Daniel Serwer

Original Source


November 18, 2016

Not much, in the first instance. It has now been a long time since a president of the United States regarded the Balkans as a priority. A region that in the 1990s was the object of two US military interventions (in Bosnia and Kosovo) and NATO deployments has dribbled its way down the list of priorities and now rests no higher on most days than a deputy assistant secretary in the State Department. That’s not a bad thing: democracy and statebuilding in the Western Balkans has been relatively successful, with Slovenia, Croatia and Albania now NATO members and Montenegro in the accession process. Slovenia and Croatia are also EU members and all the other countries of the region are pointed in that direction, each at its own pace.

But the Westernization process in the Western Balkans is still not complete, has slowed recently, and could be curtailed or even reversed during the Trump administration. Bosnia is suffering attacks on its constitutional legitimacy, rooted in theDayton peace accords of 1995, from the President of the relatively autonomous 49% of the country known as Republika Srpska. Macedonia is stalled due to internal strife and Greece’s refusal to accept is name. Kosovo started its existence as a sovereign state well behind the others and likewise suffers internal strife and continuing problems due to Serbia’s non-recognition. All the Balkan countries are suffering a Russian soft power assault on their media and institutions.

If the new president is inclined to accept a Russian sphere of influence in the Balkans, the consequences for the region’s relatively new democracies could be dramatic. Montenegro’s NATO accession depends on ratification in the US Senate. Progress in Bosnia will require the EU and the US to act in tandem to promote political and economic reforms. Improved relations between Kosovo and Serbia likewise depend on concerted action Brussels and Washington, as will resolution ofMacedonia’s internal and external problems. Just easing up on these ongoing efforts could doom them to failure.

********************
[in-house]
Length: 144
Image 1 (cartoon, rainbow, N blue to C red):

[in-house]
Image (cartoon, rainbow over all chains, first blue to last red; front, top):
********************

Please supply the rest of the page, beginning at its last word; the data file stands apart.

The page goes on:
But worse could be in store. Trump wants to improve American relations with Russia and may be tempted to concede items of value to get them. If, for example, he were to accept Russian annexation of Crimea, that alone could set off a series of ethnically based partitions not only in Ukraine but also elsewhere: in Georgia, Moldova, Bosnia, Kosovo, andMacedonia. It would be truly miraculous if such a chain of partitions were to occur peacefully. It is far more likely that it would entail instability, ethnic cleansing, redrawing of borders, and war. White nationalists like Steve Bannon, Trump’s chief long-term strategist, will no doubt be telling the new president that ethnic partition is natural or inevitable and not such a bad thing after all.

What this amounts to in the Balkans is an assault on the post-war order established in the late 1990s as the most recent Balkan wars came to an end. It wasn’t an entirely liberal democratic order, as ethnic identity and group rights have remained an important dimension of organized political life virtually everywhere in the region. But it was an order based on aspirations to EU and for some NATO membership that involved establishing independent judiciaries, relatively free media, representative legislative bodies, and peaceful resolution of disputes. Upsetting this order in favor of ethnic separation and illiberal autocracies with territorial pretensions would be perilous: this is a part of the world involved in two world wars, in addition to its own post-Cold War conflicts arising from the breakup of former Yugoslavia.

I don’t expect Steve Bannon or John Bolton to worry about that, but I do hope that more pragmatic Republicans like Senate Foreign Relations Committee Chair Corker or outgoing New Hampshire Senator Ayotte, both of whom are rumored for cabinet positions, to understand that the Balkan wars of the 1990s and the subsequent peace were a bipartisan effort, with support led as much by Republican Senator Dole as anyone else. Preserving that bipartisan legacy of peace and increasing prosperity is important, even if the region no longer attracts high level attention.

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